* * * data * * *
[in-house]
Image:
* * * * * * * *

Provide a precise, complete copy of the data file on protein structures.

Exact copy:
[in-house]
Image: